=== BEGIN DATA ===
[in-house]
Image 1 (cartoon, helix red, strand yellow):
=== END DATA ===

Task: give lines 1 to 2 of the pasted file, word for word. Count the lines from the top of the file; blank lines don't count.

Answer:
[in-house]
Image 1 (cartoon, helix red, strand yellow):